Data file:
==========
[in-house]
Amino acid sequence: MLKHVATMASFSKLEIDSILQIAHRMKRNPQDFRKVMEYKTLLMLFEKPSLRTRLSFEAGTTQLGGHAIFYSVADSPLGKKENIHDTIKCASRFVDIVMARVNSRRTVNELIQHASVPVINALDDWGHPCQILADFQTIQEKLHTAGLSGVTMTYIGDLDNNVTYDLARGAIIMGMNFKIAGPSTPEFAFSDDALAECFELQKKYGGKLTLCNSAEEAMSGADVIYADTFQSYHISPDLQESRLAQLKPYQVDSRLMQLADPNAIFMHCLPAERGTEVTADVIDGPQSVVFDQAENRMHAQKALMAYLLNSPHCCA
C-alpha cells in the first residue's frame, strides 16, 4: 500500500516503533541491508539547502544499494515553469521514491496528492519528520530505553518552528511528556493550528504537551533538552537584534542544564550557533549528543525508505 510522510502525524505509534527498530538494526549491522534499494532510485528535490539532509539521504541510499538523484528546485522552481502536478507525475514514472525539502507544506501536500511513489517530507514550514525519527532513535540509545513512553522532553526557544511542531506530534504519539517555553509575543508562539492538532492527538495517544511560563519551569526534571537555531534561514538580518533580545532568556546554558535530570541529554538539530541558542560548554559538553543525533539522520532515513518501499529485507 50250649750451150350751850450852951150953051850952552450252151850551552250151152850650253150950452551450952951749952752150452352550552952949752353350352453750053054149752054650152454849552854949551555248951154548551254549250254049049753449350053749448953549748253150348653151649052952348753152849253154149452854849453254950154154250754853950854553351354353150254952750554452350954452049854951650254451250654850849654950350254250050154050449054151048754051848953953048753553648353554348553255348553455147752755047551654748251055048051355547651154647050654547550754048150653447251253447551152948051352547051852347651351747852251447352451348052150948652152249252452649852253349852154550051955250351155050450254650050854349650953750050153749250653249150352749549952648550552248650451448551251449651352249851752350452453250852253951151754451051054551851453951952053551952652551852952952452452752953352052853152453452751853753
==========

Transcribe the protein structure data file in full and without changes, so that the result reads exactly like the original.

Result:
[in-house]
Amino acid sequence: MLKHVATMASFSKLEIDSILQIAHRMKRNPQDFRKVMEYKTLLMLFEKPSLRTRLSFEAGTTQLGGHAIFYSVADSPLGKKENIHDTIKCASRFVDIVMARVNSRRTVNELIQHASVPVINALDDWGHPCQILADFQTIQEKLHTAGLSGVTMTYIGDLDNNVTYDLARGAIIMGMNFKIAGPSTPEFAFSDDALAECFELQKKYGGKLTLCNSAEEAMSGADVIYADTFQSYHISPDLQESRLAQLKPYQVDSRLMQLADPNAIFMHCLPAERGTEVTADVIDGPQSVVFDQAENRMHAQKALMAYLLNSPHCCA
C-alpha cells in the first residue's frame, strides 16, 4: 500500500516503533541491508539547502544499494515553469521514491496528492519528520530505553518552528511528556493550528504537551533538552537584534542544564550557533549528543525508505 510522510502525524505509534527498530538494526549491522534499494532510485528535490539532509539521504541510499538523484528546485522552481502536478507525475514514472525539502507544506501536500511513489517530507514550514525519527532513535540509545513512553522532553526557544511542531506530534504519539517555553509575543508562539492538532492527538495517544511560563519551569526534571537555531534561514538580518533580545532568556546554558535530570541529554538539530541558542560548554559538553543525533539522520532515513518501499529485507 50250649750451150350751850450852951150953051850952552450252151850551552250151152850650253150950452551450952951749952752150452352550552952949752353350352453750053054149752054650152454849552854949551555248951154548551254549250254049049753449350053749448953549748253150348653151649052952348753152849253154149452854849453254950154154250754853950854553351354353150254952750554452350954452049854951650254451250654850849654950350254250050154050449054151048754051848953953048753553648353554348553255348553455147752755047551654748251055048051355547651154647050654547550754048150653447251253447551152948051352547051852347651351747852251447352451348052150948652152249252452649852253349852154550051955250351155050450254650050854349650953750050153749250653249150352749549952648550552248650451448551251449651352249851752350452453250852253951151754451051054551851453951952053551952652551852952952452452752953352052853152453452751853753